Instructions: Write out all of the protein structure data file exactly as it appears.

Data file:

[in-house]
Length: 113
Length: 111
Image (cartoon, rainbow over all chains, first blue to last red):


[in-house]
Length: 113
Length: 111
Image (cartoon, rainbow over all chains, first blue to last red):